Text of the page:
Chronology: 1307–99  97 On 22 September the Pope prompts Edward’s mother-in-law Jeanne of Hainault, an abbess whose younger son is a hostage of Philip’s, to visit him and make one of the dramatic public appeals at a ‘set-piece’ assembly which Edward is to become famous for accepting. He has heard from a captured Tournai citizen sent out to hasten Philip’s approach that the starving town is near surrender, but he cannot be certain if they will give up before Philip and his huge army arrives and he is running out of money; he agrees to meet the French at the nearby chapel of Esplechin as a favour to Jeanne and the Pope. 25 September. At Esplechin, a truce until midsummer 1341 is agreed, including Gascony and Scotland. Van Artevelde and his Flemish rebels avoid a papal interdict and French attack and keep their new English wool trade, and Tournai is saved for France. 28 September. Edward arrives back at his court at Ghent – which has led to one theory that as his next son Edmund was born on 5 June 1341 there may have been doubts over his paternity. There is a later story in Thomas Walsingham’s chronicle that the queen allegedly told Bishop William of Wykeham that her earlier son John ‘of Gaunt’ was a changeling – though this is unreliable given the political reason by this later C14th time for trying to undermine John’s family’s claim to the throne. October. Edward holds a celebratory tournament for his ‘victory’ at Ghent, but he still owes huge debts to the locals and his offer to his creditors later that month of 12,000 sacks of wool instead of cash is not accepted. 18 November. Edward’s letter to the Pope (see above) also refers to his current antipathy to Archbishop Stratford, who he will turn on when he returns to England – probably blaming him for the council being unable to find more money in England to pay off his debts and let him leave Ghent or re-start the war? 28 November. Edward sneaks away from his court at Ghent with a few friends, including Manny and the Earl of Northampton, to ‘go riding’ and goes on board a ship at Zeeland to head for England, breaking his agreement with the great merchants of Ghent and the Duke of Brabant to serve as pledge that he will pay his debts to them. 30 November. After a stormy crossing of the Channel, Edward arrives at the Tower of London to find that the security measures are inadequate and the Tower warden Nicholas de la Beche is away; he turns on the guards for incompetence and then accuses his ministers, led by the Stratford brothers, of deliberately undermining his campaign by not sending him money. Bishop Robert Stratford is sacked as chancellor and told to deliver his accounts and be ready to defend himself on 6 January, and the Bishop of Lichfield (Roger Northburgh, bishop since 1321) is sacked as treasurer too.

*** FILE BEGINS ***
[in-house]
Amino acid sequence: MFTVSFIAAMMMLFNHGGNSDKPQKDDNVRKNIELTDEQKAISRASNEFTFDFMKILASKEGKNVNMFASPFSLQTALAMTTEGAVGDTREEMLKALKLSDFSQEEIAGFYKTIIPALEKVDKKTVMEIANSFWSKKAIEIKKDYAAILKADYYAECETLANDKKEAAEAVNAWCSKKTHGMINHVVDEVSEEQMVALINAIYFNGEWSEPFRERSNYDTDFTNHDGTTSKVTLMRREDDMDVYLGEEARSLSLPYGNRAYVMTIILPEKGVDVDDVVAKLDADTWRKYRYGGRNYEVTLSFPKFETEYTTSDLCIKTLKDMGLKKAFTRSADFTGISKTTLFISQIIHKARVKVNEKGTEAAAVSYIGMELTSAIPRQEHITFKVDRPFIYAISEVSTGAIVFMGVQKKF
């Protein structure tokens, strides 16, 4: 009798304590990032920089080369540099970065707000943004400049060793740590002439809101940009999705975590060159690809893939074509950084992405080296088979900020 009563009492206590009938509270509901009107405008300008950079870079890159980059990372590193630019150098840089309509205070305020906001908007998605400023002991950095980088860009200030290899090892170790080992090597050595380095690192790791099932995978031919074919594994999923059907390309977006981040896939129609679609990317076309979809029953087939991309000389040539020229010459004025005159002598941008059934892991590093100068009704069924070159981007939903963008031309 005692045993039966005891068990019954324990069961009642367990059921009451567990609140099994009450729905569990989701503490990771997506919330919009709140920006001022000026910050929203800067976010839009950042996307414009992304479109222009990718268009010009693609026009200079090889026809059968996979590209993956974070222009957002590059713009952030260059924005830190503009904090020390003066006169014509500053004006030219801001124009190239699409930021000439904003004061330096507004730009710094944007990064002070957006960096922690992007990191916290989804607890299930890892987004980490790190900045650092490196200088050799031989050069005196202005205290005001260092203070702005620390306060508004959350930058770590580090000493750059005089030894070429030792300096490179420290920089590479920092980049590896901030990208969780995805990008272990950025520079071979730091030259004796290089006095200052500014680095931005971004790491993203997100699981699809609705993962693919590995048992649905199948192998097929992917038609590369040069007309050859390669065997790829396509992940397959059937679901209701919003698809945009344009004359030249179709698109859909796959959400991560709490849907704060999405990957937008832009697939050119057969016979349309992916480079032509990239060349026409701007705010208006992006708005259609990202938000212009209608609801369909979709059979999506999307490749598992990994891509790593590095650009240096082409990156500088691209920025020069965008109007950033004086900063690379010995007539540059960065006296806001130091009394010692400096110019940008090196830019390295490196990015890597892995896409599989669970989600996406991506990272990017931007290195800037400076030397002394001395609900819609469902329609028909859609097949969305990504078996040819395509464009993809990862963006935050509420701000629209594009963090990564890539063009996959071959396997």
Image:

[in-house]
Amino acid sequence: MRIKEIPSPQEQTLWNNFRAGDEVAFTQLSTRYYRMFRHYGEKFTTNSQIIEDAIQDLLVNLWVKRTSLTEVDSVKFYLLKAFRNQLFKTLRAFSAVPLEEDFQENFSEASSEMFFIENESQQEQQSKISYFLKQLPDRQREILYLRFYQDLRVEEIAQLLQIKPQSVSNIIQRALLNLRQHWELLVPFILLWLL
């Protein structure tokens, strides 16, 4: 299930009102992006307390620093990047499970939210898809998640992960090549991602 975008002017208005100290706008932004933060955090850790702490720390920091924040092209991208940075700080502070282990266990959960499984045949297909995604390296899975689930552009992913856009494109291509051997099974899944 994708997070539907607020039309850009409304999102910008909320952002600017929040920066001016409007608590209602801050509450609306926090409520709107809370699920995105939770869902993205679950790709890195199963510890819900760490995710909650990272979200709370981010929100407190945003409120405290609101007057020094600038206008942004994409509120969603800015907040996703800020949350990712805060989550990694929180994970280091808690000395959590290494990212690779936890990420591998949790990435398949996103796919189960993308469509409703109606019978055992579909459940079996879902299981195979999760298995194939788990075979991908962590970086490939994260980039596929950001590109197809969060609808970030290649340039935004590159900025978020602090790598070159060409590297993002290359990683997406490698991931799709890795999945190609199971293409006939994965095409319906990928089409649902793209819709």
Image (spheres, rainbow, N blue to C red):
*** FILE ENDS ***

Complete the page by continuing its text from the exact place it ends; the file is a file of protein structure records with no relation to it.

98  Chronology: 1307–99 4 December. Death of the diplomat Bishop Henry Burghesh of Lincoln, probably of exhaustion from overwork. 1341